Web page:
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Psychomotor Epilepsy - Complex Partial Seizure


Overview, Causes, & Risk Factors

A seizure is an abnormal change in the electrical activity of the brain. These electrical changes may occur in or near the part of the brain called the temporal lobe. This is known as a complex partial seizure

What is going on in the body?

The reason for the electrical disturbance causing a seizure is often not known. Complex partial seizures are one of the most common types of seizures. Unlike other seizures, complex partial seizures usually don't make people completely lose consciousness. However, any seizure may spread over the entire brain. This can result in a loss of consciousness or convulsions.

What are the causes and risks of the condition?

Any of the following conditions may be the cause of a complex partial seizure:

  • structural defects in the brain present at birth
  • brain tumors
  • abnormal blood vessels
  • bleeding in the brain
  • head injury
  • infections in or around the brain
  • medication or drug side effects
  • Most often, the cause is unknown.


    Symptoms & Signs

    What are the signs and symptoms of the condition?

    Seizures that remain in or near the temporal lobe may cause:

  • facial twitching
  • uncontrollable, rhythmic movement of an arm or leg
  • altered consciousness, or a change in the person's awareness of his or her surroundings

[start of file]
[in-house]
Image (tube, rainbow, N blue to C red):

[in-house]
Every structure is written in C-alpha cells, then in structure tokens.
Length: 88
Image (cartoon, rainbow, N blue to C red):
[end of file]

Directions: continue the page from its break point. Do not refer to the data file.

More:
• hallucinations and other sensations, such as seeing flashing lights or hearing a buzzing sound
  • prolonged "daydreaming"
  • sleepiness and confusion

  • Diagnosis & Tests

    How is the condition diagnosed?

    A test called an electroencephalogram or EEG can be used to measure the brain waves. The brain waves become abnormal in many people who have seizures, and are almost always abnormal during a seizure. Special x-ray tests such as a cranial CT or cranial MRI may be ordered to examine the brain for abnormalities.


    Prevention & Expectations

    What can be done to prevent the condition?

    There is usually no way to prevent this condition because the cause is often not known. Medications can help prevent further seizures.

    What are the long-term effects of the condition?

    Rarely, complex partial seizures can progress to seizures that do not stop. When this happens it is called status epilepticus, which could possibly cause brain or other bodily damage if left untreated.

    What are the risks to others?

    This is not a contagious condition.


    Treatment & Monitoring

    What are the treatments for the condition?

    Medications that suppress seizures are usually effective. These medications can usually prevent seizures or at least make them happen less often.

    What are the side effects of the treatments?

    All medications have side effects. These may include allergic reactions, stomach upset, sleepiness and others. Other side effects depend on the medication used.

    What happens after treatment for the condition?

    Treatment may be required for life in some people. Persons who have not had a seizure in a long time may be taken off medication, to see if the seizures come back. If a person has not had a seizure for several years, the healthcare provider may decide to stop treatment.

    How is the condition monitored?

    Anyone with seizures should be evaluated. A brain specialist called a neurologist usually follows people with seizures on a regular basis. Once a control plan is in place, a primary care physician or nurse practitioner may monitor the illness.


    Attribution

    Author:Adam Brochert, MD
    Date Written:
    Editor:Evans, Gwen, BA
    Edit Date:05/08/00
    Reviewer:Eric Berlin, MD
    Date Reviewed:

    Sources

    "Principles of Neurology", 1997, Adams et al.


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